Textual Patterns introduces corpus resources, tools and analytic frameworks
of central relevance to language teachers and teacher educators.
Specifically it shows how key word analysis, combined with the systematic
study of vocabulary and genre, can form the basis for a corpus informed
approach to language teaching.
The first part of the book gives the reader a strong grounding in the way
in which language teachers can use corpus analysis tools (wordlists,
concordances, key words) to describe language patterns in general and text
patterns in particular. The second section presents a series of case
studies which show how a key word/corpus informed approach to language
education can work in practice. The case studies include: General language
education (i.e. students in national education systems and those following
international examination programmes), foreign languages for academic
purposes, literature in language education, business and professional
communication, and cultural studies in language education.
Table of contents
1. Texts in anguage study and language education 3–10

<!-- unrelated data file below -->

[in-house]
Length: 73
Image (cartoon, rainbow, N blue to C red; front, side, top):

2. Word-lists: Approaching texts 11–32
3. Concordances: The immediate context 33–53
4. Key words of individual texts: Aboutness and style 55–72
5. Key words and genres 73–88
6. General English language teaching: Grammar and lexis in spoken and
written texts 91–108
7. Business and professional communication: Managing relationships in
professional writing 109–129
8. English for academic purposes: Building an account of expert and
apprentice performances in literary criticism 131–159
9. What counts in current journalism: Keywords in newspaper reporting
10. Counting things in texts you can't count on: A study of Samuel
Beckett's Texts for Nothing, 1 179–193
"The keyword is a powerful tool for assessing and understanding texts; this
book gives a clear and detailed description of its possibilities, mainly
through a series of convincing applications to a wide range of texts.
Language learners and teachers should find full practical support here for
their own investigations, provided by two pioneers of the harnessing of
computer corpora to language learning."
John Sinclair, The Tuscan Word Centre
"This book is a delight to read. It is not only an exceptionally clear and
cogent account of the procedures of corpus analysis in general, but a
convincing demonstration of how revealing these procedures can be when
applied to particular texts, literary and non-literary, by focusing
attention on features of potential significance for interpretation. Anybody
working with texts should make it a priority to read this one."
Henry G. Widdowson, University of Vienna